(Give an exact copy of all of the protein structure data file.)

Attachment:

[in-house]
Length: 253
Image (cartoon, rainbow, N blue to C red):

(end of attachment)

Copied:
[in-house]
Length: 253
Image (cartoon, rainbow, N blue to C red):